My advice to anyone stressing would be to just remember that whatever is going on right now is a phase, it will pass, and you will soon be in another phase. You have to keep the forward thinking because if you get tied up in the minutiae of what’s going on, it’ll hold you back from progressing forward.

Has the way you set financial goals changed over the years?

Over the last few years, I’ve started to think more about diversifying my background, doing different kinds of things, learning about different topics to become involved in—so that I can try to generate revenue from many different angles, basically.

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What do you think about before you spend money, especially when it’s a larger purchase?

Before I make a larger purchase, like a house or a car, I ask myself a couple of things: “Is this something that I really need? Is it going to benefit my family? Does it make financial sense in the long run?” Sometimes we make these impulsive purchases, like “Oh, I’m going to go by a Ferrari,” and maybe you have the money to buy a Ferrari today. So you buy a Ferrari and it makes sense today, but in the long run, it’s kind of like, “Oh, why did I buy this several-hundred-thousand-dollar car? I only drive it once a year.”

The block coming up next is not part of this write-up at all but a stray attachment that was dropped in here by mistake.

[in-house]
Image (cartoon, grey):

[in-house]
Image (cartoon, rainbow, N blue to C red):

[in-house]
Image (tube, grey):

What’s one money habit that you’ve developed over the years that you’re really proud of?

I try to sit down and look at all the extraneous purchases that are really not necessary. It’s helpful to look at your buying patterns and then look and see what you’re doing a lot of. You don’t really realize some things until you see them on paper or someone points them out to you, like, “You know, I spent $200 a month on Starbucks. I could just buy a coffee grinder and a good quality machine.”

What does reviewing your finances look like for you? Do you print out statements? How often do you look things over?

These days, I don’t really look at line-by-line details anymore. I globally keep an eye on the ins and outs and talk with a financial advisor periodically. That’s another important point: Sometimes it’s good to have a reliable financial advisor who knows your financial situation. They’re a third-party, unbiased person. They’ll tell it to you like it is. They don’t charge too much money either. If you establish a relationship with them and they manage your 401k or something, then they can give you a little bit of advice on the side as well.

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If you could go back in time and give a tip to your less money-savvy self, what would you tell him?